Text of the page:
Events   Award-Winning Leaners

From Afghanistan to the U.S. Shabnam walks with courage and determination


My sister, I and her four children went to live in Pakistan after running away from the dangers and killings in Afghanistan. This was in 1994. I got a job in Pakistan working with the United Nations. Since I knew Persian and Pashto they had me search for Afghan refugees. I went from tent to tent looking for Afghan women who had no husbands, families, or homes. These women were accepted by the United Nations and were sent to the United States. I did this for three years. I did a lot of walking. Three thousand women were flown to the United States.

The day after Christmas I, my sister and her children arrived in the United States. At that time we could not speak a word of English. I looked for someone to help me learn English. One day I was in the Villa Park Library. I saw a notice for the Literacy of DuPage county. I called the number and a lady put my name on a list. She told me to wait. After three weeks I met my tutor. His name is Michael and he is very patient. This was two years ago and he is still teaching me. I learn by reading, writing, and speaking.

Why do I learn English? For many reasons. Getting a job, becoming more educated and communicating with people. English is an international language and by knowing English I can also help other refugees. English also helps me to understand the media and to know what is going on in the world. I am a seamstress and too often have lost customers because of my poor communicating. Knowing English is a big part of this great and free country.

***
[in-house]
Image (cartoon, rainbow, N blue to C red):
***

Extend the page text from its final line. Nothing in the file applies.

Ohh! And I still do a lot of walking!

Thanks to literacy—and an employer's support—Jorge discovered confidence and career advancement


I'm from Cuernavaca Morelas, Mexico, I came to the United States in 1999 when I was 17 years old. I didn't know anything about this country, and I knew only a few words of English. I moved to Aurora and got a job in a restaurant where I really enjoyed the work. I like to cook. Everything was going well: all my coworkers spoke Spanish and so did the people in my house, in the stores, in the parks, and in all places in my neighborhood. I didn't need English for working in restaurants or for living in my community.

In 2005, I decided to learn some English. I took an ESL class at Waubonsee Community College. I went there for a few months, but I didn't think English was really necessary, so I stopped going to class. English was not necessary for me until my managers at Aurelio's Pizza offered me more responsibility in the kitchen. At this time, all the employees at Aurelio's were English speakers. I understood what they said, but I couldn't speak or write English very well. This frustrated me so much that I decided to quit my job.

But thanks to a very good person, my boss Celeste, I had the opportunity to connect with Literacy DuPage. With my tutor Laura Rivas, I began to understand more about this marvelous language. Learning to write and speak English has been the most difficult for me but not impossible, and this time I don't plan to stop learning. I want to learn as much English as I can because I know it will be useful to me in this country.

My goal is to speak, read, and write English fluently so I can communicate with all people around me. I want to continue having more confidence at my job so one day I can have a better lifestyle.